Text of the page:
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On May 15, voters across the state go to the polls to vote on their school districts' budgets. This week, we take a look at the way the budget vote works, the budget problems New York schools are facing, and the issues facing urban, suburban and rural districts.

School Budget Series: Urban schools struggle to overcome crowding and poverty

Urban schools in New York state face a special challenge. These schools need more funding to teach larger numbers of children, many of whom need special services because of poverty. At the same time, they find themselves dependent on local governments that are also going through tough budget times.

Eight hundred students attend kindergarten through eighth grade in the  H.W. Smith school that stands in the shadow of LeMoyne College on Syracuse's east side. Flags of dozens of nations line the windows because of its large immigrant population.

Principal Sharon Birnkrant says her building is watching staff dwindle as the Syracuse City School District continues laying off employees as a way to dig out of a multi-million dollar budget deficit.

Birnkrant doesn't like the cuts, but copes with them. She cites some problems associated with the cuts, like larger class sizes and increased responsibility.

"I personally provide AIS, Academic Intervention Services, for fourth grade. And my vice principals do too, and my in-school suspension person provides support.  We mobilize all the staff we have to do what's best for kids," said Birnkrant.

It's the same story across the district, which Chief Fiscal Officer Suzanne Slack describes as essentially bankrupt.

"At the end of this year we'll essentially be out of fund balance.  By the end of next year, we'll also be out of cash,” Slack said.

Syracuse is the smallest of the so- called "big five" urban districts in New York state.  Unlike other independent districts, Syracuse, Buffalo, Rochester, Yonkers and New York City, are dependent on their respective cities for funding.  Budgets are not approved by the community, but by the legislative and executive branches of their cities.

This means that the budgets aren't affected by the tax cap. But it also means they can't raise taxes independently and end up sharing funds in a cash-strapped city budget. So ultimately the answer to making ends meet is state aid and therein lies the rub, says Slack; a complicated state aid formula that distributes the $20 billion New York state spends every year on education.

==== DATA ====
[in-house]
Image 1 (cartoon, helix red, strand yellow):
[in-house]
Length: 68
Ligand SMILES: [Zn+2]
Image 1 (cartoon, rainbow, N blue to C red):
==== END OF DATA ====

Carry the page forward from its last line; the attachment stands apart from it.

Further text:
Some say it favors more wealthy suburban districts which have more political clout.

"I don't think they need to spend more overall.  But they need to look at where they're driving those dollars to.  So if there are wealthy districts that can be sustained on the tax base locally, they should not be getting a large piece of state aid.  And they should reallocate the dollars to the districts that are most needy," said Slack.

Change in a hyper-political state capitol, though, is never easy.  State Senator Dave Valesky of the 49th district says there's legislation he supports that would change the way aid is allocated.

"The proposal would restructure how state aid is delivered to school districts based on directing more aid to low wealth, high need school districts as is the case here in the city of Syracuse," said Valesky. 

But he admits politics often gets in the way in Albany.

"Much of it gets caught up between upstate/downstate, and Long Island and Hudson Valley; versus rural upstate and urban upstate. So we've got to get through all of that and hopefully with some leadership from Governor (Andrews) Cuomo we can get to the day where we can get this finally fixed,"  said Valesky.

Sharon Birnkrant isn't quite so optimistic after listening to reports about the debate over federal Race to the Top funds in Albany.

"They were talking about it going to urban schools and they said, ‘Wait a minute, those schools in Long Island and Westchester, those people pay a lot of money for school taxes, and they should get part of it.’ I mean, come on. You can't compare. When I'm hearing that on the news, I'm hearing there's not a real understanding of the challenges urban schools face," Birnkrant said.

So back in the hallways of H.W. Smith, Birnkrant does what she can with what she has.

"I'll do whatever I have to do to make sure our kids get a quality education.  If that means that I have to teach a group, hey, I've been a teacher. I'll do what I have to do. If it means a class has 30 in it, I'll beg the teacher to take 31 and 32.  We'll do it. It's not what I like, it's not the kind of quality I want, but I can't deny the child what they need academically because our legislators don't have the ability to put priorities where they belong."

About WRVO's School Budget Series:

On May 15, voters across the state go to the polls to vote on their school districts' budgets. This week, we take a look at the way the budget vote works, the budget problems New York schools are facing, and the issues facing urban, suburban and rural districts.

Tomorrow, we take a look at the Syracuse suburbs. With the vote on the school budget less than a week away, everyone is reminded that money is crunched and tough decisions are being made. Some families moved to the suburbs for the highly regarded education and would consider leaving if class sizes started to increase. A look at the suburban budget tomorrow during Morning Edition.

Ellen produces news reports and features related to events that occur in the greater Syracuse area and throughout Onondaga County. Her reports are heard regularly in regional updates in Morning Edition and All Things Considered.